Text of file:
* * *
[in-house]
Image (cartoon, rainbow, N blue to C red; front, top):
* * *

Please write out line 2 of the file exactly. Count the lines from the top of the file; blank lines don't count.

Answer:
Image (cartoon, rainbow, N blue to C red; front, top):